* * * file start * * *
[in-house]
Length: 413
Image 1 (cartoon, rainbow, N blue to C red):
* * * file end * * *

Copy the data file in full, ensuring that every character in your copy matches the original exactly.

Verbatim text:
[in-house]
Length: 413
Image 1 (cartoon, rainbow, N blue to C red):